OPINON: The AAF is exactly what the NFL needs

Henry Palattella headshot

Henry Palattella

There was football this past weekend. 

This phrase in itself is a new concept. Outside of the Super Bowl, February and March are usually devoid of all things football, save the occasional roster shuffle that makes headlines.

That is no more, thanks to the Alliance of American Football. The AAF, as it’s being called, debuted with four games this weekend, two of which were played on Saturday and two on Sunday.

Let me start off by saying that it wasn’t good football. This in itself shouldn’t be a surprise, as all of the rosters are comprised of undrafted rookies, fringe NFL players and former stars looking for a second — and in some cases, last — chance to prove themselves (looking at you, Matt Asiata).

Now, I’m not just saying this without having gathered any empirical evidence. I’ll have you know I watched the first half of the Birmingham Iron’s game against the Memphis Express on a bootleg reddit stream that had someone talking on the phone in the background, and I was not impressed by what I saw. It was a game that was football in theory but not in practice; dropped passes, false starts and overthrows plagued the high-flying action the Alliance is trying to sell to us.

Despite these gripes, it doesn’t matter what I think; I’m just a humble ol’ guy who has Good Sports Opinions. It matters what the American public thinks and, on Saturday at least, they thought it was okay. The AAF posted a 2.1 overnight rating on Sunday while ABC’s primetime matchup between the Thunder and the Rockets did a 2.0. That’s legit.

It also, however, will not last.

I have no doubt in my mind that the curiosity of a new league — combined with our society’s obsession with football — played a massive role in the AAF’s strong inaugural showing. But I highly doubt that those numbers will be sustainable.

And while the AAF’s rating might not drop like an anvil in Lake Erie, it will never be the “NFL killer” that some people are billing it to be, which is an unfair characterization of the league. Not only is it a lower grade of football (seriously, did I mention how bad these games were?? Christian Hackenberg started for Memphis and went 10-for-23 for 67 yards and an interception. Women and children, avert your eyes) but the crux of the league is also different.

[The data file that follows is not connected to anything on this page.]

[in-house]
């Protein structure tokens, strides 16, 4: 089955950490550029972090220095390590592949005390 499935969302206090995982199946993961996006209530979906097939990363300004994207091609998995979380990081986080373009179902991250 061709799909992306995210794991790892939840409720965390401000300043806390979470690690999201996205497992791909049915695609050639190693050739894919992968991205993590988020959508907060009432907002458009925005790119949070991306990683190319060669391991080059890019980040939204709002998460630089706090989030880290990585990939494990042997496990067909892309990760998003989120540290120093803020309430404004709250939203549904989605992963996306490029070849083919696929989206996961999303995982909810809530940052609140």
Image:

Instead of kickoffs, teams start with the ball at their own 25, and instead of onside kicks, teams must complete a 4th and 12 from their 28-yard line to keep the ball. The way the game is called as different as well, as there’s a ninth member of the officiating crew called the “Sky Judge” who can change calls in real time based on replay.

I don’t know if you’ve heard, but officiating was a point of contention in the NFL last year. The disconnect between the players and referees is growing stronger daily, and the added transparency and accountability that the AAF referees are supposed to have could go a long way to helping mend that disconnect.

Competition brings with it change, which is exactly what the NFL needs. While there’s other football that exists in North America, it’s too far removed from the core of the NFL. The CFL is too different, Arena football is played on a field the size of a foosball table and the XFL was too much like the WWE. (The XFL’s revival in 2020 will serve as a measuring stick for how much football we as a society can consume).

The NFL has been a monopoly with no one to hold it in check, up until now. While a league that features Trent Richardson rushing for 60 yards on 23 carries will never topple that monopoly, they’ll be able to change it. I wouldn’t be surprised in the NFL implemented some rule changes in the next couple years in the frame of the AAF’s rules. Fans have not had a taste of streamlined, transparent football; the NFL would be wise to implement some transparency of their own into their games.

Maybe I’m wrong. Maybe the AAF will quietly fade away, another gimmick trying to ride on the NFL’s coattails. Or maybe it’ll thrive and serve as a form of “diet-NFL” whose big hits and clunky play quenches America’s thirst for football until the snow thaws and Roger Goodell announces the first pick in the NFL draft.

Regardless of how things play out, i’m going to be along for the ride. Fire up the Reddit streams.

Henry Palattella is the sports editor. Contact him at [email protected].